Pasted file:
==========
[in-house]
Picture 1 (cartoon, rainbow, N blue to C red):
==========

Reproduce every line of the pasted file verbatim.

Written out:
[in-house]
Picture 1 (cartoon, rainbow, N blue to C red):